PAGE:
Stoic Week – On Arrogance
This blog includes quite a ramble before I get to the point but…
I remember being called a boffin as a kid. I was labelled smart at a very young age, ha, starting school I was reading books other kids hadn’t heard of, or whose older brothers and sisters were reading. This isn’t a boast, it’s a complaint. I was labelled as intelligent and thought that this was something that I had, a trait like the colour of my hair.
Let’s skip the part where I develop the arrogance of a one-eyed man in the land of the blind and discuss the important part. My personality speaks of someone who is extremely rational. Something I hear a lot: “Hey James, you’re really rational.” Now, when something is repeated enough, whether or not it’s actually true, you start to believe it. I’m not saying I’m not clever, I think I am pretty clever, but the problem is a misunderstanding of why I’m intelligent.
This is the problem I have (re-)discovered through today’s
lunch dinnertime exercise: In my arrogance I have not bothered to check my rationalism, or my ability to see the world as it truly is. The fact is that I am very arrogant and see myself as some lone genius who has a finger on the pulse of the big issues of the world. Haha no, fortunately, the rationalist inside of me, the one who got me labelled as a genius in the first place, knows that’s nonsense.
So, how the hell does this relate to accepting external things outside of my control? I’m getting there… honest. So, I grew up learning all of these wonderful things like what a mammal is, the planets in the solar system (and unlearning “Pluto is a planet”) and thought that knowing this stuff was the thing that made me intelligent. Then I found out that there are stupid people who know these supposedly ‘intelligent’ things.
Then I found out that there are clever people who don’t know science (shout out to a lot of my university friends) but knew other things instead. I discovered I had been mixing two things which we often confuse: intelligence and knowledge. Intelligence is the ability to use knowledge while knowledge is the accumulation of facts.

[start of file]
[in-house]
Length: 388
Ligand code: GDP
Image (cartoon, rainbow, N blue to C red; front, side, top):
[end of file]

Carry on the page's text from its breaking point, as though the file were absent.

The world got a little more complicated for me. Now, finally, to the point when I was growing up, I had this hierarchy of people, my parents knew better than me, so did my teachers. Now I’m all grown up, I’m learning that this is really not the case and while they might have twenty years of experience on me, this makes them think that they know things beyond their experience. It also makes them likely to misunderstand a discussion.
Now here is where it relates to the Stoic Week task for today: I often get annoyed when being misunderstood, I often get annoyed when someone thinks something wrong, or doesn’t understand why something is wrong. This is my lack of stoic acceptance. I’m a very intelligent person (This is a boast) and a quite knowledgeable one too so facing the world as it is, in which there are people who don’t understand or don’t know the things that I do but this is beyond my control so there is no sense getting worked up by it.
And now, we’ve reached the conclusion of my waffle.